Just Published: Theme Park Insider: 2016 Year in Review
To ensure that we got the full experience, my travel companions and I vowed to ride every major coaster in the park. The weather cooperated as the skies remained nice and overcast with a cool breeze. Crowds were definitely present but not unmanageable and we were able to ride everything we wanted before we left for the day. Ultimately, we rode 13 different coasters (with a couple of repeat rides) in nine hours. (Full disclosure: We skipped Wicked Twister, it may be a great ride but from queasy personal experience I have learned it best to steer clear of backward coasters, in hindsight I feel that perhaps I should have toughened up and ridden it but now it gives me an excuse to go back.)
The first thing that becomes apparent is the reasonable price of entry. Accustomed to dropping almost $100 to get into Disney or Universal, Cedar Point’s price of $60 (less with a coupon) was a nice change of pace. Unfortunately this was slightly offset by the ridiculous in-park gouging on food. While all parks take advantage of their captive audience, it is blatant at Cedar Point. I don’t mind paying a little more for something unusual like Butterbeer, a Krusty Burger or the Grey Stuff but here it was standard frozen-fried food. Case in point: a small drink, fries and 6 mozzarella sticks cost an outrageous $16. I tried to outsmart the system by just ordering a single corn dog by itself and they wanted $7.50! No, thanks. But it is probably wise to avoid the fried food when riding coasters anyway.
I had high hopes for the three wooden coasters that Cedar Point offered. The oldest coaster in the park, Blue Streak, and its much larger successor, Mean Streak, were standard wooden coasters that offered little innovation. I found them both to be rather jerky and uncomfortable. The racing woodie Gemini, on the other hand, was more fun and the novelty of trying to outrun the competitor train was entertaining. Overall, though, I found all the wooden coasters to be lackluster and would probably stick to the smoother steel rides in the future.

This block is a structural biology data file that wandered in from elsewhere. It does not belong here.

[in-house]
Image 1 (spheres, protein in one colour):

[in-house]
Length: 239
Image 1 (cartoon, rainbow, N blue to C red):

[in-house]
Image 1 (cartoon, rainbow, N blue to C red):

Next up were some of the older steel coasters. Corckscrew — a very short looping ride — was decent but was over so fast I had little time to enjoy it. I thought the Cedar Creek Mine Ride would be fun, as I envisioned a Thunder Mountain-type trip, but was disappointed by its lack of theme, speed or height. Iron Dragon — a suspended roller coaster popular in the 1980s — was interesting. While the ride itself lacked any noticeable thrills, zooming through the tree tops is a cool effect that faster coasters cannot duplicate. (It also greatly reminded me of riding Magic Mountain’s Ninja as a kid, so it was a fun stroll down memory lane as well.) Mantis — a large, looping, standing coaster — was a nice change of pace, but I become far better acquainted with the bicycle seat you must straddle than I would have liked. In its defense it is a BIG standing coaster — largest in the world when it opened in 1996 — and has some noticeable thrills. But the bicycle seat and I are not on the best speaking terms anymore and our budding romance was cut short after the first loop. Unfortunately, Mantis destroyed my dream of becoming a Tour de France winner, but such is life.